What’s your insight about whether institutions will increasingly move towards strategic partnerships of their own accord if they need to? Or do they need some kind of nudging or pressure?

John: The underlying energy source for many of these discussions needs to be what’s best for the mission. But that’s an abstract, woolly thing: What is this mission? I think in most cases, that condenses, first and foremost, to what’s the best thing for students. And obviously, in the catastrophic case of a closure, that’s a terrible result for students. For those kids to be stranded in a bad closure is just a moral foul. But even being in institutions that are so consumed with what I’ll call mere survival—those young people don’t get the bargain that they deserve.

Rick: From my perspective, I’ve actually seen a real benefit to external pressure. For example, a legislature saying we’re going to take a hard look at this, and we need to do it by a certain date. For instance, the role the legislature played in Vermont to push the conversation for the consolidation of the four-year state institutions and putting some reward structures out there at the same time.

One observation I have about higher ed is it tends to need use cases; it wants to see what others have done. And when you have a win, then they go, “Oh, look what they did over there. I bet we could do that. Let’s try it!” It normalizes an approach, and you now see a roadmap that you can start to follow. Do you think we need more of those wins first before higher ed will accelerate needed change?

John: I agree with that completely. Think about the impact that the Montclair State University and Bloomfield College merger has had.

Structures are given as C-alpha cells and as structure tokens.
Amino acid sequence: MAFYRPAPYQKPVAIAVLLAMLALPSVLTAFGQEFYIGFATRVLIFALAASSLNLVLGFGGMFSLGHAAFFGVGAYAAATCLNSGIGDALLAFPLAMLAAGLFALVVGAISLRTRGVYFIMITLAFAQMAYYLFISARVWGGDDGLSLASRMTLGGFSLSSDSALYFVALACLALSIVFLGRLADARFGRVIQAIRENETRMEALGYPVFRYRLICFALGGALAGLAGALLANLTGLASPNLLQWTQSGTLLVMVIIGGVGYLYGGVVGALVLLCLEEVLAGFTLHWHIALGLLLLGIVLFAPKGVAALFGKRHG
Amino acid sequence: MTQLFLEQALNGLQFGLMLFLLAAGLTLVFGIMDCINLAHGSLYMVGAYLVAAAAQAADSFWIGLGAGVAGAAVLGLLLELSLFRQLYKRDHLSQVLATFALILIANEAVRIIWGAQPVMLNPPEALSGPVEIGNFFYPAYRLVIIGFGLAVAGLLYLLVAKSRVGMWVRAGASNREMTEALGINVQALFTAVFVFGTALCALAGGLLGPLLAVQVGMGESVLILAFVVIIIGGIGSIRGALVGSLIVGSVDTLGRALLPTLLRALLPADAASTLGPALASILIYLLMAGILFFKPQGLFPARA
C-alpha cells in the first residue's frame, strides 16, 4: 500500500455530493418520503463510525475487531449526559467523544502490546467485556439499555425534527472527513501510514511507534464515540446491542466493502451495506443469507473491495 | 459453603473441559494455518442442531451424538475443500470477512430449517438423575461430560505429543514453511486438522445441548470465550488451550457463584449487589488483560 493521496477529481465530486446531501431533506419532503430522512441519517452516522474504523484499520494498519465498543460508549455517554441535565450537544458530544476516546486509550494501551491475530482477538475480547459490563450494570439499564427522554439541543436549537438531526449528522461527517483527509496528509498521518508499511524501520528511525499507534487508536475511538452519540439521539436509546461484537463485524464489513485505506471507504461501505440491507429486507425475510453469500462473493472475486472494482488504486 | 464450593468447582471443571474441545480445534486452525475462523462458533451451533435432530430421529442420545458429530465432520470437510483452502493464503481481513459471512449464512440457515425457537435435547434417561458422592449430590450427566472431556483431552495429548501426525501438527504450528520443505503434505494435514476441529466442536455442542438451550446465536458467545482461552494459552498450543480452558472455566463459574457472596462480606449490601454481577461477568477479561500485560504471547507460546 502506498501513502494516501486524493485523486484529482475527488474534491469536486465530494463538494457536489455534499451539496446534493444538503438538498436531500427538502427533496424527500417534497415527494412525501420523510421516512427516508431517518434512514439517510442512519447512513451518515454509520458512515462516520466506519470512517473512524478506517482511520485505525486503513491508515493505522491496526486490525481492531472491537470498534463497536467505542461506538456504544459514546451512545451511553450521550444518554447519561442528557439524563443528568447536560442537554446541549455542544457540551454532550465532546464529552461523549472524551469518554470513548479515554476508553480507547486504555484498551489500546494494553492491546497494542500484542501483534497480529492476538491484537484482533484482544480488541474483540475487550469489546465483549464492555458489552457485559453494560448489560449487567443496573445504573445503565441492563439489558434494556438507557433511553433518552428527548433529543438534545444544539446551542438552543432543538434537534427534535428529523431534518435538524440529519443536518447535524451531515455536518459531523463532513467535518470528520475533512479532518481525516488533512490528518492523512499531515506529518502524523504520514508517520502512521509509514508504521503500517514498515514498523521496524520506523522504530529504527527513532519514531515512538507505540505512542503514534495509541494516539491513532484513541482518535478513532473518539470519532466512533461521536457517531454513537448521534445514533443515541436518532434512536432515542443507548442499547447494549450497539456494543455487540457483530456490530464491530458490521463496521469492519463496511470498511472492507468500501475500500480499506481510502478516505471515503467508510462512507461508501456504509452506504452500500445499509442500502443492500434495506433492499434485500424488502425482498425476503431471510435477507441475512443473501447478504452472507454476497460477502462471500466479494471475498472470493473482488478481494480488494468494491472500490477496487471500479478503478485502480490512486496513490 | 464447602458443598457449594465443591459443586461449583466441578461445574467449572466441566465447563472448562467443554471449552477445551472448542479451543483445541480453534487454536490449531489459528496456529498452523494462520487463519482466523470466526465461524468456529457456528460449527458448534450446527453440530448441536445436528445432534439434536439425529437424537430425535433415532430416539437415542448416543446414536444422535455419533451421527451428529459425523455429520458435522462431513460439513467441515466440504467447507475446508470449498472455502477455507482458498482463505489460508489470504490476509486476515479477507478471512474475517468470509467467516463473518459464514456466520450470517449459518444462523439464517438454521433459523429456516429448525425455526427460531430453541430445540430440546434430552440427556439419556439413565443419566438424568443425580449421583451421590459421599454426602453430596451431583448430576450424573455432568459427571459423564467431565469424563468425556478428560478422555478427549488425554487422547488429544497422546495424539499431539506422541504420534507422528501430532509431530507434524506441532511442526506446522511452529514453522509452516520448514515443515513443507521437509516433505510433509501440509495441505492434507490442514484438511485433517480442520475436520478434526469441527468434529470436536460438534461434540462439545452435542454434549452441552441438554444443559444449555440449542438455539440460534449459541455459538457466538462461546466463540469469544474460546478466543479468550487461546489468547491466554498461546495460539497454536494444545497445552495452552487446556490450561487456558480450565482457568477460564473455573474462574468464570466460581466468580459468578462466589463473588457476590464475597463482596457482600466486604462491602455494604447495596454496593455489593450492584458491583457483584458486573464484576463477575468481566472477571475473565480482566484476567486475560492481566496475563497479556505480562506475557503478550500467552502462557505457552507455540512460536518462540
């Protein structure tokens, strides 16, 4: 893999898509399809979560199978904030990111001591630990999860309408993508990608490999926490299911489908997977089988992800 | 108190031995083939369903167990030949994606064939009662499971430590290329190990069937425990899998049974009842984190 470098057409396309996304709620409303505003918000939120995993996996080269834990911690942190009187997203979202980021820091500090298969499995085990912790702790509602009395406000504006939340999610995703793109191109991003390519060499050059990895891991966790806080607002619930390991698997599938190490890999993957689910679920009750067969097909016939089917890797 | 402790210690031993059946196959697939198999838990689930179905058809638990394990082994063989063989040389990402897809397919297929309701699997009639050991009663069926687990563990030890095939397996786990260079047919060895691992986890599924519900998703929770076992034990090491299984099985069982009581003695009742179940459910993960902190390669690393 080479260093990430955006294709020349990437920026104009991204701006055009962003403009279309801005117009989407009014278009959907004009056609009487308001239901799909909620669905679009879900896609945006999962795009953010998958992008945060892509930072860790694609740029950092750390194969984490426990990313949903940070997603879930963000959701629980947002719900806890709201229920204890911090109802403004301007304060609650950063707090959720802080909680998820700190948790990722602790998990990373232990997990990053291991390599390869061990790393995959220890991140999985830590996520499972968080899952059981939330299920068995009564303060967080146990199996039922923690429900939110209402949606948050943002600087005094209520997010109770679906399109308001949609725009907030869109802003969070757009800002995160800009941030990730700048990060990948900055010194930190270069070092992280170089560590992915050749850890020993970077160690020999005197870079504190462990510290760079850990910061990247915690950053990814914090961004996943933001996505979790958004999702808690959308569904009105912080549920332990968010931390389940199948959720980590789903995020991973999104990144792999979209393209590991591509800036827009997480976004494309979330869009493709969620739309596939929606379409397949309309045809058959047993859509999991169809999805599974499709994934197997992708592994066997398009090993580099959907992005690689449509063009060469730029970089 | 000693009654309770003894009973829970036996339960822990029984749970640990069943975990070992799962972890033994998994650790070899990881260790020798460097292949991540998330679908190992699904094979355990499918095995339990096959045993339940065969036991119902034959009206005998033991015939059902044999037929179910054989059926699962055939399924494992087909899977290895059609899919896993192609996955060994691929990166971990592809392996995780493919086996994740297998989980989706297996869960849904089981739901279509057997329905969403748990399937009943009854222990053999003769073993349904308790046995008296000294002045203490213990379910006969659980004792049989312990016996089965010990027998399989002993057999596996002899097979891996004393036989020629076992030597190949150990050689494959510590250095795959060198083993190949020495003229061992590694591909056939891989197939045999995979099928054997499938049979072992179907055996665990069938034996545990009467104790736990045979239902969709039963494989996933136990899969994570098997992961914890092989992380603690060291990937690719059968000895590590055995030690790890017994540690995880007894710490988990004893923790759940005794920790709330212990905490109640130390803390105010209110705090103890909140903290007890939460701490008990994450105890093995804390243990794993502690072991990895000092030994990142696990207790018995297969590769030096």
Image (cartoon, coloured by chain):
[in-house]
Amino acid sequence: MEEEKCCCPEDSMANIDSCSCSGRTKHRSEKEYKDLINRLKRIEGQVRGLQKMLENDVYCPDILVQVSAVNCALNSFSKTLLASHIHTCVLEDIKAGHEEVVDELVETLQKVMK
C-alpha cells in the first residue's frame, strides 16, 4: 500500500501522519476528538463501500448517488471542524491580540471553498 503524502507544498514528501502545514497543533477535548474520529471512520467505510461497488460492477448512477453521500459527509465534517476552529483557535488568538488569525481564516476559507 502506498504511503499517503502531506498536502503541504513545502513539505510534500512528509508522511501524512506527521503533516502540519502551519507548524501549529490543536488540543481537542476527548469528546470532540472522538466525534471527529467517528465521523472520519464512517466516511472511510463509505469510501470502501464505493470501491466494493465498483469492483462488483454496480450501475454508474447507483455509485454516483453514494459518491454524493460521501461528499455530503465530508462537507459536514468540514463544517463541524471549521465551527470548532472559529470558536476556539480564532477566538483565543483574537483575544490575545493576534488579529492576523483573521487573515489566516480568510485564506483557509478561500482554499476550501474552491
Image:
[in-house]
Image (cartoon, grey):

Rick: So I think this gets us to a great next question, which is: What kinds of things are you experiencing in your own work that are getting in the way? And what do we do about it?

John: I think the think the biggest single thing that gets in the way is time, from two perspectives: First, that most institutions are short staffed right now. So just who are the people that are going to take the time out of their already busy days to explore this partnership to figure it out? But the biggest issue is that institutions wait too long to start these explorations. In most cases where we’ve seen institutions really struggle, it’s because they started too late.

Rick: So, what’s everyone’s job here?

John: The duty of a board, at least of a not-for-profit board, is to the mission of the organization. It’s not to the institution itself. If the best way to take your mission forward is actually to sell your real estate and become a foundation and make grants instead of doing a residential college, not only would your duty allow you to do that, one could argue it mandates it.

Rick: So I know we don’t want to admire the problem. What are you saying to institutional leaders who are calling you and saying, “Hey, I want to move in this direction”…?

John: In my mind, it all starts with: Is the leadership aware of where they are? Are they going into this in good faith? And is there enough time left to take action?

Rick: I also find that there needs to be an emphasis on keeping it simple at the outset. Just start with: What would an ideal partner look like? What would I need to fill certain gaps that I have? What do I bring to the table as strengths? If you can answer those questions, and the fit feels right, then you can take the deeper dive.

John: I think most people waste a lot of time and money doing detailed work, only then to discover that they’re not going to go forward for reasons they should’ve known much earlier. If you spend six months and a bunch of money exploring something that doesn’t go forward for reasons you could have known, you risk wasting time you may not have. As importantly, you can poison the well for the next conversation that needs to happen.

Rick: As we get to the end of our session today, John, what do you see going forward?

John: I think we’ll witness quite a remarkable transformation over a period of a decade. But not a moment where we’ll say “Aha, it’s happening!” I just don’t see that “aha” moment.

Rick: Thank you, John, for your insights, and certainly for the work you and the team at SeaChange are doing around normalizing this conversation. And I want to thank everybody for joining us today out there in higher ed. Keep doing the good work you’re doing and please join us in the months ahead as we get into more topics through our Wednesday Webinar series.